The Secret SchoolThe Secret School (Sandpiper, 2003) by Avi is another fantastic, historical fiction read aloud for my classroom!  Fourteen-year-old Ida Bidson's dream is to become a teacher. But in her remote, poverty-stricken region of Colorado, most dreams don't come true, and those that do take hard work, devotion, and sometimes, just plain luck. But luck seems to be going against Ida when, two months before the end of the term, the teacher must leave to care for her sick mother. Stingy Mr. Jordan, the head of the school board, refuses to hire a teacher this close to the end of the school year. So Ida takes it upon herself to be the teacher, and run the school in secret, so that she can graduate eighth grade and be eligible to attend high school in the fall.  I love the message of this hard working determined girl, who doesn't let anyone or anything get in the way of her dreams!

S.O.R. LosersS.O.R. Losers (HaperCollins, 1986) by Avi is a humorous book with an important message.  It's okay to not be good at something, including sports!  When a group of intelligent and talented, but not athletic, seventh grade boys are required to participate on a soccer team at their sports minded-school, they realize that 'success' isn't always measured by the score on the board but by being who you are, regardless of what other people think.  Perfect for readers who enjoy humor and sports, this title is particularly good for reluctant readers.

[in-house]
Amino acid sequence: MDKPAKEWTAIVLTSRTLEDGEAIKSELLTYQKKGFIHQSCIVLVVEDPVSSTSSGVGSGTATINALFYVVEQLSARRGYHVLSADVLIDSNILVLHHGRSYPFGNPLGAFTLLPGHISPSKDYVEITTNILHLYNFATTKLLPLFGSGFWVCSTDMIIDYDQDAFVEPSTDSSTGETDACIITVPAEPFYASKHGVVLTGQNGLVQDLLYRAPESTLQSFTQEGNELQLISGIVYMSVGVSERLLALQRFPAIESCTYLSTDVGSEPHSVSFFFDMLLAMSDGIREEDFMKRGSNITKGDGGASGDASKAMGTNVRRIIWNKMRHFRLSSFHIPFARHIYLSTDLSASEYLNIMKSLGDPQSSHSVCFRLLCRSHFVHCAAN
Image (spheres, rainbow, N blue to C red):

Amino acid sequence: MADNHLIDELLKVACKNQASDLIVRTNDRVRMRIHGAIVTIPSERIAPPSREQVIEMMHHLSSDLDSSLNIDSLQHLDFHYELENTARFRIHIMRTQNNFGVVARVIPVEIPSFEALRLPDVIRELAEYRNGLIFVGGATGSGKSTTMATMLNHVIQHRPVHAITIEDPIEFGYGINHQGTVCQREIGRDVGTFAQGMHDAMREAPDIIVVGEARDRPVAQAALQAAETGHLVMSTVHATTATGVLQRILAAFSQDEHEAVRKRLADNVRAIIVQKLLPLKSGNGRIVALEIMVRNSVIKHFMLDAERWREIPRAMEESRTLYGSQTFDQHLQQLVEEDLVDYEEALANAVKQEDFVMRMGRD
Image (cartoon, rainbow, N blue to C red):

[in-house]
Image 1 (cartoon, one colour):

So what's on the agenda for this week?  I plan to finish up (and I really mean it this week!) Countdown by Deborah Wiles, Spilling Ink by Ellen Potter and Anne Mazer, and Al Capone Does My Shirts by Gennifer Choldenko.  I will also be working on a post about using Author Studies and getting ready for the Got Books? Give Away Event this coming weekend. You will want to be sure to stop by July 23rd-25th to enter my picture book give away.  I also hope to get to these titles...

Guardians of Ga'hoole Boxed Set, Books 1-4Artemis Fowl Book 1 (Promotional Edition)Theodore Boone: Kid LawyerSPHDZ Book #1! (Spaceheadz)The Night FairyWhat Happened on Fox Street

You can join in the fun of It's Monday! What Are You Reading  by visiting  Shelia at One Person's Journey Through the World of Books.  And how cool is this...she offers prizes for those who read and comment on 10 blogs!  Who doesn't love prizes???  Leave a comment! go leave one on nine other posts and you are in!  Good Luck!